Academic journal article Military Review

"Seeing the Other Side of the Hill": The Art of Battle Command, Decisionmaking, Uncertainty, and the Information Superiority Complex

Academic journal article Military Review

"Seeing the Other Side of the Hill": The Art of Battle Command, Decisionmaking, Uncertainty, and the Information Superiority Complex

Article excerpt

I am convinced we are in a transition in battle command now with info technology as significant as back in the 1920s when we went from flag sets to wireless radios to combined arms to upbeat tempo.--General Frederick M. Franks, Jr. (1)

Much of battle command is inherently intellectual because people must transform data into information, then knowledge--and they must do it quickly. Mental acuity and the intellectual component of battle command will become critical as our future Army increasingly depends on the benefits of knowledge.--Brigadier General Huba Wass de Czege (2)


THE CURRENT GROWTH in military information technology and network-centric warfare (NCW) theory leads many military professionals and theorists to suggest that new technology will revolutionize the way commanders execute battle command by reducing uncertainty and friction, enhancing visualization and decisionmaking, and increasing the ability to gather and analyze information. Also, many believe network-centric operations will allow the commander and his forces to gain an information advantage or information superiority over an adversary by increasing situational understanding, enhancing information sharing, and increasing the speed of decisionmaking.

Military theorists, historians, and military professionals define battle command in terms of a commander's mental qualities and cognitive abilities. The mental process of battle command requires visualization and decisionmaking based on the commander's experience, knowledge, leadership, and ability to correctly request and analyze information. Although information technology will greatly enhance military operations, it will not alter the battle command process; therefore, mastering the art of battle command is still paramount to the commander's successful decisionmaking, creation of information superiority, and decisive military operations.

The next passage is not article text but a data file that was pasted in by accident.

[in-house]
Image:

Commanders need information to make decisions, but the battle command process of changing information into knowledge to make a decision does not depend on information collection and dissemination. The ability to identify relevant information, create information superiority, and increase the speed of decisionmaking depends on the commander's intellect. Commanders focus information collection based on their cognitive process of understanding what they need to know to make a decision. Information collection is part of the art of battle command because commanders have to understand how to use limited collection assets to get the information they need and how to make decisions in conditions of uncertainty when they cannot collect all of the information they want.

The complexities of war will always create uncertainty and friction because war involves the human dimension, the enemy, and technology. Because of uncertainty and friction, even in network-centric warfare, the commander operates with erroneous, incomplete, overwhelming, or nonexistent information. Taking advantage of NCW capabilities puts a premium on a commander's ability to execute battle command. In the end, a commander's mastery of the art of battle command remains a key human dimension of network-centric warfare that will lead to decisive operations against a hostile, thinking enemy.

Defining Battle Command

Battle command is a relatively new term. In the past, military professionals, theorists, and historians defined it under various names: generalship, military genius, combat leadership, or the qualities of a Great Captain. Whatever the name, the qualities associated with battle command center on the mental qualities or cognitive abilities of commanders in combat. The Army's current definition of battle command--"the exercise of command in operations against a hostile, thinking enemy"--is further described as "principally an art" developed by "professional study, constant practice, and considered judgment." (3) Commanders who successfully execute the art of command in battle do so through visualization, decisionmaking, and leadership, where visualization and decisionmaking are based on judgment acquired from experience, training, study, and creative thinking. …

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